Art History 

globalism & japanese prints in the early 20th century

By Rakel Crockett

Recent graduate Zoe Lalonde represented the University of Minnesota at the Minneapolis Institute of Art’s Fifth Annual Student Art History Symposium this spring. She presented on Shin-Hanga prints, which emerged as a response to globalization and western influence across Japan.

Trailblazing a New Discipline

By Rakel Crockett

Retiring professor Catherine Asher is one of the first scholars to study the influence of Islam on South Asian art and architecture. The topic “wasn’t really on the map,” when she began studying it in the 1970s. “So basically I’ve really helped to create a discipline—which has been very, very challenging and exciting,” she says.

researching the contemporary

By Rakel Crockett

PhD candidate Theresa Downing specializes in contemporary art and fiber art. In January, she went to the Fabric Workshop and Museum in Philadelphia to research the creation of a large horsehair mat, which became part of contemporary artist Ann Hamilton's tropos installation project at Dia Chelsea in New York City (1993-94).

bridging the gap of under-representation in art

By Rakel Crockett

Monika Hetzler’s study abroad experience in Florence, Italy, gave her the opportunity to work in Cartavetra, a contemporary art gallery. Hetzler worked closely with artists who shared the same passion as her. Cartavetra works on closing the gaps and barriers that prevent marginalized communities from being represented within gallery spaces...

wwii revistited through film and travel

By Rakel Crockett

Professor Robert Silberman has taught many classes on film, but next semester he is doing something different. He is teaching a freshman seminar where students will study art, films, and literature about the British experience during World War II before traveling together to London for a week during which they will have the immersive opportunity to visit historical sites and museums…

merging art and statistics

By Laura Cantor

“After visiting so many museums, galleries, and studios, I am certain that my future career must be related to art. I love art and I am eager to share my passion and ideas about art with others.” Qinyun (Sherry) Shao’s unyielding passion for art and the business it entails is evident through her academic work, internships, and post-graduate goals. The international student travelled back home to China this past summer to work for an auction company in Shanghai, an opportunity that encompassed both of her majors: art history and statistics.

fascination with the far

By Laura Cantor

Art history graduate student, Andrea Truitt, examines America's fashion fascination with the Middle East.

renaissance man of ceramics exhibit

By Laura Cantor

Associate Professor Robert Silberman was truly a Renaissance man when it came to his work on an exhibit of contemporary Mexican ceramics at the Northern Clay Center in Minneapolis. Not only did Silberman serve as the guest curator; he scripted the catalogue text, led a public presentation with three of the visiting artists, and worked with participants in an advanced ceramics program at the center.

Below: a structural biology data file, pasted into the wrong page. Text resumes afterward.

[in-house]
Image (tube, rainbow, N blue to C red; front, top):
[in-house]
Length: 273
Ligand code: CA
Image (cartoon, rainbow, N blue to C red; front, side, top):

art & science in the nether;ands: a glbal seminar

By Erika Voeller

For generations, people have categorized the arts and the sciences as two fundamentally unrelated disciplines.  According to Professor Michael Gaudio, however, that line of thinking is relatively modern, and his new graduate seminar—”Art and Science in the Time of the Scientific Revolution”—explores the similarities between the two stereotypically dissimilar fields of study.  The seminar has brought together graduate students from the University of Minnesota-Twin Cities with students in Utrecht, Netherlands.

from tapestries to textiles: Alumna Takes on Assistant Curator Position

By Erika Voeller

Alumna Erica Warren says the art history department contributed to her success and greatly prepared her for her career. With help and encouragement from faculty members, as well as friends and family, Warren felt supported during trying times, despite the stress and competition of her PhD program.

beautiful complexity

By Erika Voeller

"Artists and the art they produce don’t necessarily try to resolve the contradictions and complexity of human experience," says Lorri Todd, one of this year’s winners of the Department of Art History’s senior project prize. "I think that is a significant reason I am interested in art—it often asks the same questions as other disciplines but doesn’t claim to have all the answers." Her studies in art history have also helped her develop an understanding of and fascination with how culture and identity function and are constructed

japonisme and the nordic countries: a challenge met

By Claire Atmore

Professor Gabriel Weisberg came to the University of Minnesota in 1985 after working in Washington DC for the National Endowment for Humanities. He was the assistant director for museum programs, and as great as that job was, he knew he wanted to move on to something different. “I wanted to go back to teaching, I wanted to go back to working with students,” he says, “and Minneapolis is a great city with great museums,” which doesn’t hurt when you’re an art history PhD who also happens to collect great art.